- Has the government of Malawi put in place measures to ensure the effective implementation of and compliance with national legislation that makes it unlawful to discriminate against anyone , including LGBT people, based on their HIV status?
- Has the government of Malawi established sensitization programs on sexual orientation and gender identity for health care providers at all government hospitals and a complaints mechanism for individuals subjected to discrimination while seeking HIV services and treatment?
Roles and Responsibilities of the Malawi Human Rights Commission (ICCPR article 2)
Human Rights Watch urges the Committee to question the government of Malawi about the independence and responsibilities of the Human Rights Commission:
- Does the Human Rights Commission monitor, investigate and publicly report on incidents of violence based on sexual orientation and gender identity?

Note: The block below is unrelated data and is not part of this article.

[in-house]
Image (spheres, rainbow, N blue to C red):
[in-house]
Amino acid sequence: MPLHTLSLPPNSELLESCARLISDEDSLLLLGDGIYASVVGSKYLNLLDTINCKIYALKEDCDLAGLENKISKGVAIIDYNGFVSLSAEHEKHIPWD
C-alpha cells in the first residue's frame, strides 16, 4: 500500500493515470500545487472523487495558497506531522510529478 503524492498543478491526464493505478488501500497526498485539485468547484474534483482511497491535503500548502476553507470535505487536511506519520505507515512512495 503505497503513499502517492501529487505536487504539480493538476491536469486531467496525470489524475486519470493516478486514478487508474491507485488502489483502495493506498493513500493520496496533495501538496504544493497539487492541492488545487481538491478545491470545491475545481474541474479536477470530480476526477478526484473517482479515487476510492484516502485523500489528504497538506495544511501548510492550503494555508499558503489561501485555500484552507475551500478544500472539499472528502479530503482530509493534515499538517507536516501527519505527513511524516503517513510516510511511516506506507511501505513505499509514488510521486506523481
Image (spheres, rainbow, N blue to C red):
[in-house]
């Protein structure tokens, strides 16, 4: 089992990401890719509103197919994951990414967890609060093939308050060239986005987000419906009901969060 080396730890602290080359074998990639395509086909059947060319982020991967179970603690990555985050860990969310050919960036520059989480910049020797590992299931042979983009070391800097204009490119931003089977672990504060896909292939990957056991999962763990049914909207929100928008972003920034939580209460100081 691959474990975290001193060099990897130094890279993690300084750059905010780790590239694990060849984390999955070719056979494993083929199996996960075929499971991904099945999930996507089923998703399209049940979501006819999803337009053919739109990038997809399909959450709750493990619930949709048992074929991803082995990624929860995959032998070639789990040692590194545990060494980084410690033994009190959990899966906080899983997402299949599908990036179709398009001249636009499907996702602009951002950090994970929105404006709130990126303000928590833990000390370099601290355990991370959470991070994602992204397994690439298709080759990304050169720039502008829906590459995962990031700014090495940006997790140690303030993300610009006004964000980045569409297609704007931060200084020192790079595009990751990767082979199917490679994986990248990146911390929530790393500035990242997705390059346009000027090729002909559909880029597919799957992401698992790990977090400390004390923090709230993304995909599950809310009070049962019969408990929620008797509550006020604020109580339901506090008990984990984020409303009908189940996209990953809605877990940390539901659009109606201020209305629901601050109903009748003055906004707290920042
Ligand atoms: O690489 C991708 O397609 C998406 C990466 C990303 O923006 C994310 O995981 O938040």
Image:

- What concrete steps has the Human Rights Commission taken to effectively implement the actions adopted at the March 2017 workshop hosted by the Network of African Human Rights Institutions? These actions include supporting strategic litigation efforts to uphold the rights of LGBT persons and conducting staff training on sexual orientation and gender identity issues.
- What is the status of the Malawi’s Human Rights Commission’s study on the rights of LGBT and intersex people in Malawi that it committed to in 2017?
Administration of Justice (ICCPR article 14)
Human Rights Watch urges the Committee to question the government of Malawi about addressing the backlog of cases:
- In order to finally resolve the question of legality of the moratorium on arrests and prosecutions for consensual homosexual acts and the constitutional validity of section 153 of the Penal Code, has the Supreme Court taken the necessary steps to expedite cases No. 22 of 2011, No. 411 of 2011 and No. 622 of 2011?